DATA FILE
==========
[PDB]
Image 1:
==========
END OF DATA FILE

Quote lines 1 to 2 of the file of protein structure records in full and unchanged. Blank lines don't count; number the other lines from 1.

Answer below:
[PDB]
Image 1: